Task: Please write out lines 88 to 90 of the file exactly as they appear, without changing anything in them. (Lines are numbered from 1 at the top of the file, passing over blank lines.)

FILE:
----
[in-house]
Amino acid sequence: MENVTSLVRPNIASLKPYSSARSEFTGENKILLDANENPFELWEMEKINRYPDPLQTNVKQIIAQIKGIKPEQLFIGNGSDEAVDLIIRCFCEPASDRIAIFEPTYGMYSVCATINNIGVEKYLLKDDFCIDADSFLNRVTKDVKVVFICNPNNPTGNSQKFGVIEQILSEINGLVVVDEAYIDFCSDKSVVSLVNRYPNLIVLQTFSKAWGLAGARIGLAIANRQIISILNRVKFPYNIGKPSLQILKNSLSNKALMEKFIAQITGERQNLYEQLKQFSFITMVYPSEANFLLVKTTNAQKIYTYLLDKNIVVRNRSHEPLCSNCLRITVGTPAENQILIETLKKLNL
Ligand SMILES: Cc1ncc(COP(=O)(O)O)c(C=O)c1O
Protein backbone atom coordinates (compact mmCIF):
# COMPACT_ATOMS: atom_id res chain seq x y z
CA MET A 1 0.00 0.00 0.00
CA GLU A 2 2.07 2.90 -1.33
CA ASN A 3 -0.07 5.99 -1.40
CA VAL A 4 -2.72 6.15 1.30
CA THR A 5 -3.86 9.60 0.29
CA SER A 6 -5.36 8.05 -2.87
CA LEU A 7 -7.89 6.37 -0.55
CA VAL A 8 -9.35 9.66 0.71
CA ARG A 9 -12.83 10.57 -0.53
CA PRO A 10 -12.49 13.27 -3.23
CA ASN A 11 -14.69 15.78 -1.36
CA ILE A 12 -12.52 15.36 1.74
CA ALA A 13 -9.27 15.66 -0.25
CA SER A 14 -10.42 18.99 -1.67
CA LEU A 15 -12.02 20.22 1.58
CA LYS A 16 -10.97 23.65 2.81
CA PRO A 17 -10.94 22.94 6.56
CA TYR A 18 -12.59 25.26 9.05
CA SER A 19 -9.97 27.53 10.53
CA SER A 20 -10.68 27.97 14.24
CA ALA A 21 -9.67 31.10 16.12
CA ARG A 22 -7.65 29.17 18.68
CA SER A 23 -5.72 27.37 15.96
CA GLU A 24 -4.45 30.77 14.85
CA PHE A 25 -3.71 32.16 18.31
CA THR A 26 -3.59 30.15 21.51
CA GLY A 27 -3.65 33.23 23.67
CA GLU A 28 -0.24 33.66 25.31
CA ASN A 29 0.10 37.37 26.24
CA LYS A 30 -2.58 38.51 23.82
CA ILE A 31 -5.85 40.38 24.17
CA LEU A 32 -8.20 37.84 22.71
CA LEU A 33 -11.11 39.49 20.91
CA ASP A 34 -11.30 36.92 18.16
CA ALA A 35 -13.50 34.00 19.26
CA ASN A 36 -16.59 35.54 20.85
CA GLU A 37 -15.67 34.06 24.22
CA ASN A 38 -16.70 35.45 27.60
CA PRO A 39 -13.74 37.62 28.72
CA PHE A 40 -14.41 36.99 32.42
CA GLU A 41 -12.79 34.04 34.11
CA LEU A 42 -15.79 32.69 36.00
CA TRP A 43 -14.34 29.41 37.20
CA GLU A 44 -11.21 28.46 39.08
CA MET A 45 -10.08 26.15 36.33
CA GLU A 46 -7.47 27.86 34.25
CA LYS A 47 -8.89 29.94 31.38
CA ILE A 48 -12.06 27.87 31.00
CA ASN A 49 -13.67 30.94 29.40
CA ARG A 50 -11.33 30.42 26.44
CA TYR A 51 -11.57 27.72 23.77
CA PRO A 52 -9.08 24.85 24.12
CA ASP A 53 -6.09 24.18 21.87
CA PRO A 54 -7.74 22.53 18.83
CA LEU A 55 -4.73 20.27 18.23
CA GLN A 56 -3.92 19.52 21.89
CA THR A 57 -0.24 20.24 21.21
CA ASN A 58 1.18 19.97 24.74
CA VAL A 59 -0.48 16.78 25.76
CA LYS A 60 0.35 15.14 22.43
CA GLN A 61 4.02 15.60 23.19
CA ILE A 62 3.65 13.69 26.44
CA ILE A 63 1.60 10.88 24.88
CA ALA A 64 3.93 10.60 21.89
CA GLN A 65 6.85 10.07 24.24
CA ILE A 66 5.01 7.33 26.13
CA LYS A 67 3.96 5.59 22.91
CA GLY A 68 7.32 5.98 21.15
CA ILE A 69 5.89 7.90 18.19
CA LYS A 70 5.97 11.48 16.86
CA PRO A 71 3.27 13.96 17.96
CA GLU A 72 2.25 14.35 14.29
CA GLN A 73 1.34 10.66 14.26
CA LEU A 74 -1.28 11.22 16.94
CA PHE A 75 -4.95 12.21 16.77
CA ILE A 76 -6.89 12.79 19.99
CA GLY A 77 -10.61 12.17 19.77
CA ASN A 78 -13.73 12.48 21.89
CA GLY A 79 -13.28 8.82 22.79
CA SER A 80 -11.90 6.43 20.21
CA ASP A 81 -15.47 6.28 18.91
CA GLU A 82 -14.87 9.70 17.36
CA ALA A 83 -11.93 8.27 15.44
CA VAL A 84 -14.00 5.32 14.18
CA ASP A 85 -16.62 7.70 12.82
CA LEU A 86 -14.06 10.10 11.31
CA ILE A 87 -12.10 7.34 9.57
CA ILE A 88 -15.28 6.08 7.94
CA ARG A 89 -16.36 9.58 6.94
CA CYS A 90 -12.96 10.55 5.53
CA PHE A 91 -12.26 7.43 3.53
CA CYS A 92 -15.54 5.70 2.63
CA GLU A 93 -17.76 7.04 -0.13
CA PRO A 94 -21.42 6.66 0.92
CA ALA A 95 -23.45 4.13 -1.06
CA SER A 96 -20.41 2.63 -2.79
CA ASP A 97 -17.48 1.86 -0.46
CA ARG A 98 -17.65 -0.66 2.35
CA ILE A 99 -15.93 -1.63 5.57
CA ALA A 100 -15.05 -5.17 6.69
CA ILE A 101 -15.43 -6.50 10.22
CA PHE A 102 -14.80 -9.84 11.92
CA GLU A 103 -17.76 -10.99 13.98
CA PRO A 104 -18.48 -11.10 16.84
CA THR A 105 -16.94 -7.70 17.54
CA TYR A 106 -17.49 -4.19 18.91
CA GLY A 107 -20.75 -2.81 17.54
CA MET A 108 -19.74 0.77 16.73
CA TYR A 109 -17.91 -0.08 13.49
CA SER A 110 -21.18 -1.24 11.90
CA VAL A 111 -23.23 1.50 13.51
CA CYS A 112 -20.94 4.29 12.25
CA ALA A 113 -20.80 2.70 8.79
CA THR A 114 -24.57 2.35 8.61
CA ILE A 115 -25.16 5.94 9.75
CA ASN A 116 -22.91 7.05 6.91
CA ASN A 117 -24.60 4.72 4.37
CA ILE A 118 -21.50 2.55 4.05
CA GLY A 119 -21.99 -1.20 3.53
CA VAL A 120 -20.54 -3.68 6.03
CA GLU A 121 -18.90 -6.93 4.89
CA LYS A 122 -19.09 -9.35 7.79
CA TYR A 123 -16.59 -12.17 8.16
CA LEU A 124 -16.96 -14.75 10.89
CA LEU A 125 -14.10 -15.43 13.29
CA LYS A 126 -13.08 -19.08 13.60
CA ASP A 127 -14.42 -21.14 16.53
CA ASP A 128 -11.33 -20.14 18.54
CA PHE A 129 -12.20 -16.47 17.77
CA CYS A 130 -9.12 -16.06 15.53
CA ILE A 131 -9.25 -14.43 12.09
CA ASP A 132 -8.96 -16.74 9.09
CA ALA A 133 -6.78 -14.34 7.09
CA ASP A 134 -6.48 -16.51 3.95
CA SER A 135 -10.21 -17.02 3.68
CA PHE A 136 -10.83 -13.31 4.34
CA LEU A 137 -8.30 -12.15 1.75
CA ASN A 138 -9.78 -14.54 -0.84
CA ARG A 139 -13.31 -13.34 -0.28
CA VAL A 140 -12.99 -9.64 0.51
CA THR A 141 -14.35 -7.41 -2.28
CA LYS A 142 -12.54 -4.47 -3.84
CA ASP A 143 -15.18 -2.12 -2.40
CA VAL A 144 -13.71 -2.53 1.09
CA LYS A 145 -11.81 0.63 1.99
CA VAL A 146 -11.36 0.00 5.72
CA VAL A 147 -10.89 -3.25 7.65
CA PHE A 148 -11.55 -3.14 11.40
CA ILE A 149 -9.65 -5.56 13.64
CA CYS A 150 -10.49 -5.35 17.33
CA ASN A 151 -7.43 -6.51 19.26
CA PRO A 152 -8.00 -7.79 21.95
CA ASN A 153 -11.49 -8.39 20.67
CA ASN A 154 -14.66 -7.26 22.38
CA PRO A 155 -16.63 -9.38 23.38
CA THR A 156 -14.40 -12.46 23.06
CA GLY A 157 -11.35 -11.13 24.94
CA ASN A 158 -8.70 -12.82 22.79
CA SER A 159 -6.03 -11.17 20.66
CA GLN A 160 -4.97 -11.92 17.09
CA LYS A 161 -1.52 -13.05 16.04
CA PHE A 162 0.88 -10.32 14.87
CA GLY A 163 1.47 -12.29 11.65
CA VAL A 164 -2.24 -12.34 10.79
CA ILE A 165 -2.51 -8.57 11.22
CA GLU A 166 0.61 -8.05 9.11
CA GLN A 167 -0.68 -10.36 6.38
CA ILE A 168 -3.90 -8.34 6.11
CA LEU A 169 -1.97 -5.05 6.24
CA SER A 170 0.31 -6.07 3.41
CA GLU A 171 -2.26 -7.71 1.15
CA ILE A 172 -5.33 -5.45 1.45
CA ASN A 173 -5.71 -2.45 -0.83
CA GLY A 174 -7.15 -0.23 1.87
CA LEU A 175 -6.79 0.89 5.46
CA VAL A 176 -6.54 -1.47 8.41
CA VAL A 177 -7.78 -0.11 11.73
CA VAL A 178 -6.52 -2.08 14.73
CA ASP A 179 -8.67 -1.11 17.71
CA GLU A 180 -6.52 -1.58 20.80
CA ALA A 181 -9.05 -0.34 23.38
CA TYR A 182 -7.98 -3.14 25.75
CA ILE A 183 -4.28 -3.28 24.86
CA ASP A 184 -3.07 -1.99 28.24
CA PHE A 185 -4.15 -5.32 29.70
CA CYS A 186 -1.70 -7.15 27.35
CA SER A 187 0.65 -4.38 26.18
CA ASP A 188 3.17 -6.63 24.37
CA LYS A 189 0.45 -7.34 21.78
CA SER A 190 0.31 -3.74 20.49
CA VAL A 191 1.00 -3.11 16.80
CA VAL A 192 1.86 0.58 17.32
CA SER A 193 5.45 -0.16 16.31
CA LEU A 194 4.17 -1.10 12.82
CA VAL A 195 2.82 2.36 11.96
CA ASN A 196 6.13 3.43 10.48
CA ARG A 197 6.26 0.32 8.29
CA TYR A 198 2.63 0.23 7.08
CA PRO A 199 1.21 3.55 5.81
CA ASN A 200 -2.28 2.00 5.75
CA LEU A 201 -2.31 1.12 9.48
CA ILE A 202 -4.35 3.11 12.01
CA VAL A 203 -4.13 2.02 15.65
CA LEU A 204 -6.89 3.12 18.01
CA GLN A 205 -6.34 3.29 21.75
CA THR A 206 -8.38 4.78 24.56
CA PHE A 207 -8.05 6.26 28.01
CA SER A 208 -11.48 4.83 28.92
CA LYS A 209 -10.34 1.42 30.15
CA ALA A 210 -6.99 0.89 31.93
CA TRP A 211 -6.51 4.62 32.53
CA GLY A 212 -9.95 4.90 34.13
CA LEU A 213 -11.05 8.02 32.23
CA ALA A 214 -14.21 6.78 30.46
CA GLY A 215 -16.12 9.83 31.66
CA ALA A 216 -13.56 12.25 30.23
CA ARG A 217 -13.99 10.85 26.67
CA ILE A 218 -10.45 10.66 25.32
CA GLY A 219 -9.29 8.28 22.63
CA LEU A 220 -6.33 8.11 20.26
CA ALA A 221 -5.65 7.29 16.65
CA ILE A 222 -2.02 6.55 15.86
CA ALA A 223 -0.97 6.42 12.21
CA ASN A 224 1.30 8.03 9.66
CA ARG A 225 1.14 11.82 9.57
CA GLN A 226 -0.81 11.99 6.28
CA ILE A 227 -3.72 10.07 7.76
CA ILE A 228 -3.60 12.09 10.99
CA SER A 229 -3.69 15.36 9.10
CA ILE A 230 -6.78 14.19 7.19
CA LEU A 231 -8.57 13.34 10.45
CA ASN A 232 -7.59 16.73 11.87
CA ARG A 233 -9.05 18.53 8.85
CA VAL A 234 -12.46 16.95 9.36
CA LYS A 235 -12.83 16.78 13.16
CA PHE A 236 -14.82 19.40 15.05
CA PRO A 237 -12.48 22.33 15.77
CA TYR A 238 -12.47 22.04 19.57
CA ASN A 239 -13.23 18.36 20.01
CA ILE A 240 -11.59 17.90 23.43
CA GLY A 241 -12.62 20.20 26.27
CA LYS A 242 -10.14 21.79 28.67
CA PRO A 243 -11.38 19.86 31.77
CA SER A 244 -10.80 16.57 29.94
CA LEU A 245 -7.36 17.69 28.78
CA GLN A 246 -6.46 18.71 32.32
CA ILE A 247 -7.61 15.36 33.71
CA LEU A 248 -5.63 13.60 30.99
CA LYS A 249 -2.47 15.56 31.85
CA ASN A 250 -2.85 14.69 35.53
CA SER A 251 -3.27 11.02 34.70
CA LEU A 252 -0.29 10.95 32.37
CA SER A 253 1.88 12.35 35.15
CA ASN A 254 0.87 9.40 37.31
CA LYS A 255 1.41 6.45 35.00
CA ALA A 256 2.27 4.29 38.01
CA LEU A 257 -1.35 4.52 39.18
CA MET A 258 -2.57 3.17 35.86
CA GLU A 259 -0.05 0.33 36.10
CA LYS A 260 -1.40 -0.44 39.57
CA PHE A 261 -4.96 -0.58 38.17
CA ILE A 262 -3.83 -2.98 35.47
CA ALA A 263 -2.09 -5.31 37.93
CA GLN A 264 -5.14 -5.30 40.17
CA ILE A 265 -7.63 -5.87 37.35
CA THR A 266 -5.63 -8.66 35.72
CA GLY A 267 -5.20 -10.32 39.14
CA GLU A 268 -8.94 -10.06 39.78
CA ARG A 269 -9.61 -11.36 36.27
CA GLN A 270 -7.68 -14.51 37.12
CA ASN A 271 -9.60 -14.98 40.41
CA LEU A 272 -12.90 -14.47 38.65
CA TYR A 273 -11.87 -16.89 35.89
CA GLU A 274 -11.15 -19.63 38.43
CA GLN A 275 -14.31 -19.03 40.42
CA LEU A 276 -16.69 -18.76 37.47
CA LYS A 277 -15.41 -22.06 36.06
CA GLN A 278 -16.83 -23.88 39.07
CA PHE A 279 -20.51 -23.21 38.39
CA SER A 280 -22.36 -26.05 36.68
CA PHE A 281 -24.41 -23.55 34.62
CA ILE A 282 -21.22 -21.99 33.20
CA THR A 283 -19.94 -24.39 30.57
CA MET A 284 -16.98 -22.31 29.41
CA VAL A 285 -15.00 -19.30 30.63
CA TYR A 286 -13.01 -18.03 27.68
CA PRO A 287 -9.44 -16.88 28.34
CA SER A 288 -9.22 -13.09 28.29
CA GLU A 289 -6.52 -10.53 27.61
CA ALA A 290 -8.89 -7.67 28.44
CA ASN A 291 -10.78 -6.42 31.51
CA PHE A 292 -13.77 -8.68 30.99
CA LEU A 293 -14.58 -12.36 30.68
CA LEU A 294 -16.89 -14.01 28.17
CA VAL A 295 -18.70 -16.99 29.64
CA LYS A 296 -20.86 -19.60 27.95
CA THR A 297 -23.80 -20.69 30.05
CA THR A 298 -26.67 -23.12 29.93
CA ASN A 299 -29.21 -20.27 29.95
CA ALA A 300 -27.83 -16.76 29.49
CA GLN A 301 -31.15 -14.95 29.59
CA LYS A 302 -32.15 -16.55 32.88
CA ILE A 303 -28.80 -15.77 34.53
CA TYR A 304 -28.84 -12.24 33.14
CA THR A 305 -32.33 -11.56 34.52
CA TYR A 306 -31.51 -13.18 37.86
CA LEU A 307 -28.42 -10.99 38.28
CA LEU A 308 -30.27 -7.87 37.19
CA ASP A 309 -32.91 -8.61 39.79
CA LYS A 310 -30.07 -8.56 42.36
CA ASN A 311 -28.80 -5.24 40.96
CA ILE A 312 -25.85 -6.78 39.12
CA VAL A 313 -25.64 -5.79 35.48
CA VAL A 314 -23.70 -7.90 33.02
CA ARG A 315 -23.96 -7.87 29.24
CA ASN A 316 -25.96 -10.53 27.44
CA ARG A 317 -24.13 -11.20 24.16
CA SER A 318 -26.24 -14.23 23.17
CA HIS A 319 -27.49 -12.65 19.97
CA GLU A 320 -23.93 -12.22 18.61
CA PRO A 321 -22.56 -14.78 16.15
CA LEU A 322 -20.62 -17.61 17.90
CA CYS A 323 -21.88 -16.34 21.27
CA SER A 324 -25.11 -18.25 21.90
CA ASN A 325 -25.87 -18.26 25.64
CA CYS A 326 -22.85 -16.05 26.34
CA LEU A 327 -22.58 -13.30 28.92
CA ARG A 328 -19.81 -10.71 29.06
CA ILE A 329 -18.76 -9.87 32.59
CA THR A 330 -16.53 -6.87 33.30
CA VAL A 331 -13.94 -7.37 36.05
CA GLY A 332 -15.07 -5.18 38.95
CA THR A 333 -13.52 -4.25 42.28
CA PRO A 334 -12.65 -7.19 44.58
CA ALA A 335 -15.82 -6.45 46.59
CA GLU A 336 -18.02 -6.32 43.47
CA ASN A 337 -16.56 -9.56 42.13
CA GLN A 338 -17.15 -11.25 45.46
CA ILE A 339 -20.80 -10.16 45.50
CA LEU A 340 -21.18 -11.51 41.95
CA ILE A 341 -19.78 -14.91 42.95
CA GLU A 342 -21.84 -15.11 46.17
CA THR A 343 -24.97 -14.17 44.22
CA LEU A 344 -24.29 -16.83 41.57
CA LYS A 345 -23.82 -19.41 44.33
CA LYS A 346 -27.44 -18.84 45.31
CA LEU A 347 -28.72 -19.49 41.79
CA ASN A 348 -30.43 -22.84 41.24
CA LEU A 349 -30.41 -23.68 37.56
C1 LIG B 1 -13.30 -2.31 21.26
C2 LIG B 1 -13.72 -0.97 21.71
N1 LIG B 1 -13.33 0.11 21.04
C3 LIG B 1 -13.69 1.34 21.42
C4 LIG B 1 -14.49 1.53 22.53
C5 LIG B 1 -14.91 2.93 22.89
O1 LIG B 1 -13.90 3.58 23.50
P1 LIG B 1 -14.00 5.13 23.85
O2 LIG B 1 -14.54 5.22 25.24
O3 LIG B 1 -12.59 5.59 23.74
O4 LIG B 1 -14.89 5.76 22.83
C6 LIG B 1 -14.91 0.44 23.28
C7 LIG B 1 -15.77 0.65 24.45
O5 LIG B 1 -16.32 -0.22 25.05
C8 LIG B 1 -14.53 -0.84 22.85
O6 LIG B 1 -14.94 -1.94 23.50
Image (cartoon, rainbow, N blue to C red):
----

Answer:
CA ALA A 83 -11.93 8.27 15.44
CA VAL A 84 -14.00 5.32 14.18
CA ASP A 85 -16.62 7.70 12.82